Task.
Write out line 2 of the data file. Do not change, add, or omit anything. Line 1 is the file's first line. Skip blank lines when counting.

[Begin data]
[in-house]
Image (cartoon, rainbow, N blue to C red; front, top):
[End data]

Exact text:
Image (cartoon, rainbow, N blue to C red; front, top):